The noble and dutiful House Atreides must manoeuvre various political traps and intrigues set by their historic enemies, the House Harkonnen. The protagonist is Paul Atreides, a young lord destined to be a great leader of people and entire planets.
Science-fiction novel Dune is about one family’s survival amidst a web of political elites who rule over an interstellar galaxy.
The story is set primarily on the planet Dune, which looks exactly as its name suggests, a barren, dry, hostile, and uninhabitable land that offers its population little respite from harsh conditions.
It’s probably accurate to say this book is considered an epic, the vastness of the story settings, the narrative style used, the coming together of different storylines, all these and more convey to the reader that this is a meta-novel.
Science and Fiction in the 1960s
The array of over 10 books released after Dune further attest to this, with the series achieving acclaimed success as a giant amongst science fiction novels.
The book was released in 1965 when American space exploration was at its zenith and the wider public increasingly consumed ‘popular science’ made explainable by the likes of Carl Sagan, the original Neil DeGrasse Tyson or Brian Cox.
Genre wise, author Herbert moves away from ‘hard’ science fiction which characterised much of early twentieth century sci-fi writing.
‘Hard’ sci-fi are stories that generally focus on the intricate mathematics and physics of space travel, spaceship technology, spacesuit practicality etc. In other words, it’s the type of story written for actual physics know-it-alls.
These novels are a bit like Christopher Nolan films, which artfully combine heartful storytelling with legitimate physics concepts, that require consultation from physicists and academics.
Dune is more of a ‘soft’ sci-fi, which embeds social history and narratives, specifically Islamic narratives around prophecy and messiahs. Amongst the futuristic technologies and all things that make Dune a ‘sci-fi,’ Frank Herbert also developed a sophisticated anthropology complete with a historical past, cultures, religions and prophecies, an imperial ideology, social inequality and a serious climate crisis – the works!
However, where he fails is that Herbert’s writing is belied by various cultural and social assumptions that colour how ‘foreign’ societies are perceived by the hero protagonist.
Much of what is understood by Herbert of Islamic narratives is seen through a lens of cultural essentialism and racial inferiority.
The Fremen are a desert-hardy people. They are gripped by a desperate legend about the ‘Muad’ib’ (messiah), who will rescue them by launching a violent and chaotic Holy War of honour and virtue to reinstate their eminence on Dune.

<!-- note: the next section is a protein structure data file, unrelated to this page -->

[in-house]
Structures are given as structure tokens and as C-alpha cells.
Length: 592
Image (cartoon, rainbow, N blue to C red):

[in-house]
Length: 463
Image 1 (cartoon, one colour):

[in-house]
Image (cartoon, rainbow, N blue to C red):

Despite this regrettable framing, which seems to be drawn from American perceptions of Muslims and ‘Orientals’, I found the world created by Herbert incredibly original and intricate.
Several fictional inventions stood out as highly inventive. For example, a biotechnology called the ‘stillsuit’ designed as an adaptation to the harsh and dry climate on Dune. This bodysuit worn constantly by the Fremen essentially captures the wearer’s bodily moisture (sweat). It then filters it and made available for the wearer to re-absorb via a mouth tube.
Herbert even successfully relays the repulsiveness of the stench and staleness enveloping any Fremen that uses the mechanism.
In terms of its storytelling, parts of the writing felt dated: Dune has a cast of characters who fit very neatly into either the ‘goody’ or the ‘baddy’ category.
The lines are very defined and predictable: the obscenely fat, unctuous and salacious Baron Harkonnen is a clear-cut evil character. Whereas, Leto Atreides, father of the hero is an upright, moral character with ‘dark skin that made her [Lady Jessica] think of olive groves and golden sun on blue waters.’
The stature of the book amongst sci-fi fans had intimidated me from reading Dune for a long time. However, once I actually got into it, I was pleasantly surprised to find the writing is colloquial.
Herbert has a casual writing style, letting the poetry and force of the planet Dune affect its power on readers. A lot of light-hearted banter between characters helps remove some of the stuffiness in this ‘Lords and Ladies’ story.
Feature Film adaptation 2.0
I won’t be finishing it any time soon though, having gotten about 70% of the way through. The things I like from Dune, I enjoyed a lot. However, the lazy veneer of damaging racist tropes proved too off-putting for me.
Having said that, it will be interesting to see how the film will adapt this book for a 21st century audience who expect their Heroes to have a darker side and the Baddies to be a bit endearing. Though I don’t hold high hopes, what with Hollywood’s track record of exoticizing and fanaticising ‘Oriental’ populations… the film might nevertheless be entertaining.